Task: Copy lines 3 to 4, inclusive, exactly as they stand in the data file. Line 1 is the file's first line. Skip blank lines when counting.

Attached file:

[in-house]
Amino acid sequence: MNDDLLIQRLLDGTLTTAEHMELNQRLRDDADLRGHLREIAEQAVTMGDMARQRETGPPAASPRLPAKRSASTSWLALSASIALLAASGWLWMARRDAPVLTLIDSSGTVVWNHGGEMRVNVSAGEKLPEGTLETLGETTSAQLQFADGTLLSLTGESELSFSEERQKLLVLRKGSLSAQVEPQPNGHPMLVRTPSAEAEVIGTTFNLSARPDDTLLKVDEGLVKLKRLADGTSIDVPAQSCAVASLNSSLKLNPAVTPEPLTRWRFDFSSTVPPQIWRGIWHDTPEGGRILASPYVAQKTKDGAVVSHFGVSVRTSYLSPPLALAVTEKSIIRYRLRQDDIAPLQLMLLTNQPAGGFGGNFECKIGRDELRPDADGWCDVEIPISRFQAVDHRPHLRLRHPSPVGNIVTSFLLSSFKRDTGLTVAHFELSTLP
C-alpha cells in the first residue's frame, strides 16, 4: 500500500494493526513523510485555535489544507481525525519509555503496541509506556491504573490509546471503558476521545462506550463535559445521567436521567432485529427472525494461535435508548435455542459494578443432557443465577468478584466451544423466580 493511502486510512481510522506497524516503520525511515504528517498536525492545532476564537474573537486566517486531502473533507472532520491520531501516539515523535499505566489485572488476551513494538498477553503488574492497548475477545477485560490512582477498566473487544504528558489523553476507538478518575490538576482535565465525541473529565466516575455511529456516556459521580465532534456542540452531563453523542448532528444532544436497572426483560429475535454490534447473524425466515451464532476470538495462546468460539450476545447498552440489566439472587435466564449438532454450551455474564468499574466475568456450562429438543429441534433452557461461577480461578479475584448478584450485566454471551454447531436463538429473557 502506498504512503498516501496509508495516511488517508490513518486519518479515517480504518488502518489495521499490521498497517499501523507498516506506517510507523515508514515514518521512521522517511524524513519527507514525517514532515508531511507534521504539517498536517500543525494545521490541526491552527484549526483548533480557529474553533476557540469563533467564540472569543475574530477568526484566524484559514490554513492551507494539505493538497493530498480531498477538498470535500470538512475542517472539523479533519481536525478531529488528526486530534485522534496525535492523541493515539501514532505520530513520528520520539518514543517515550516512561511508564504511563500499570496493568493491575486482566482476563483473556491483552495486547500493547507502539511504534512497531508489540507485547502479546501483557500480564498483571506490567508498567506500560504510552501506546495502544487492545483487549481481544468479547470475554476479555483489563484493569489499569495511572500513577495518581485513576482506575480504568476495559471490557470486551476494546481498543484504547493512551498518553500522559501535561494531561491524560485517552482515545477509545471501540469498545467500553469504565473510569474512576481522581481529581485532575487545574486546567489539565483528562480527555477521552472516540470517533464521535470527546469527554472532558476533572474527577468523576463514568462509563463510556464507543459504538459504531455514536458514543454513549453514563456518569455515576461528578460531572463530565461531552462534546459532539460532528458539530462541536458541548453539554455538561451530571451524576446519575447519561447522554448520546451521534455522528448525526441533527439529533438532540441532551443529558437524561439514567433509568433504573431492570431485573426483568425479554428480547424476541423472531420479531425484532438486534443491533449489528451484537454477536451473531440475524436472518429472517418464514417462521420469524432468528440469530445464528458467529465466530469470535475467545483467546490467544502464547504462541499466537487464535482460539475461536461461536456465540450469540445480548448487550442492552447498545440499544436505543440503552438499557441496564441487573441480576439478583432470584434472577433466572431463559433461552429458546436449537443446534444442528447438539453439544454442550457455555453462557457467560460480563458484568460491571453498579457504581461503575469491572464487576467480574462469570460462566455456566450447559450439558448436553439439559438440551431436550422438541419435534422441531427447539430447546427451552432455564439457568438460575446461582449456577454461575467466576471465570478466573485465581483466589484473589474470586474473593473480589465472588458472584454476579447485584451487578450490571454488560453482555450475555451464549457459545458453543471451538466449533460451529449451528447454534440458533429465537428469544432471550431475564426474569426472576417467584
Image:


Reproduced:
C-alpha cells in the first residue's frame, strides 16, 4: 500500500494493526513523510485555535489544507481525525519509555503496541509506556491504573490509546471503558476521545462506550463535559445521567436521567432485529427472525494461535435508548435455542459494578443432557443465577468478584466451544423466580 493511502486510512481510522506497524516503520525511515504528517498536525492545532476564537474573537486566517486531502473533507472532520491520531501516539515523535499505566489485572488476551513494538498477553503488574492497548475477545477485560490512582477498566473487544504528558489523553476507538478518575490538576482535565465525541473529565466516575455511529456516556459521580465532534456542540452531563453523542448532528444532544436497572426483560429475535454490534447473524425466515451464532476470538495462546468460539450476545447498552440489566439472587435466564449438532454450551455474564468499574466475568456450562429438543429441534433452557461461577480461578479475584448478584450485566454471551454447531436463538429473557 502506498504512503498516501496509508495516511488517508490513518486519518479515517480504518488502518489495521499490521498497517499501523507498516506506517510507523515508514515514518521512521522517511524524513519527507514525517514532515508531511507534521504539517498536517500543525494545521490541526491552527484549526483548533480557529474553533476557540469563533467564540472569543475574530477568526484566524484559514490554513492551507494539505493538497493530498480531498477538498470535500470538512475542517472539523479533519481536525478531529488528526486530534485522534496525535492523541493515539501514532505520530513520528520520539518514543517515550516512561511508564504511563500499570496493568493491575486482566482476563483473556491483552495486547500493547507502539511504534512497531508489540507485547502479546501483557500480564498483571506490567508498567506500560504510552501506546495502544487492545483487549481481544468479547470475554476479555483489563484493569489499569495511572500513577495518581485513576482506575480504568476495559471490557470486551476494546481498543484504547493512551498518553500522559501535561494531561491524560485517552482515545477509545471501540469498545467500553469504565473510569474512576481522581481529581485532575487545574486546567489539565483528562480527555477521552472516540470517533464521535470527546469527554472532558476533572474527577468523576463514568462509563463510556464507543459504538459504531455514536458514543454513549453514563456518569455515576461528578460531572463530565461531552462534546459532539460532528458539530462541536458541548453539554455538561451530571451524576446519575447519561447522554448520546451521534455522528448525526441533527439529533438532540441532551443529558437524561439514567433509568433504573431492570431485573426483568425479554428480547424476541423472531420479531425484532438486534443491533449489528451484537454477536451473531440475524436472518429472517418464514417462521420469524432468528440469530445464528458467529465466530469470535475467545483467546490467544502464547504462541499466537487464535482460539475461536461461536456465540450469540445480548448487550442492552447498545440499544436505543440503552438499557441496564441487573441480576439478583432470584434472577433466572431463559433461552429458546436449537443446534444442528447438539453439544454442550457455555453462557457467560460480563458484568460491571453498579457504581461503575469491572464487576467480574462469570460462566455456566450447559450439558448436553439439559438440551431436550422438541419435534422441531427447539430447546427451552432455564439457568438460575446461582449456577454461575467466576471465570478466573485465581483466589484473589474470586474473593473480589465472588458472584454476579447485584451487578450490571454488560453482555450475555451464549457459545458453543471451538466449533460451529449451528447454534440458533429465537428469544432471550431475564426474569426472576417467584
Image: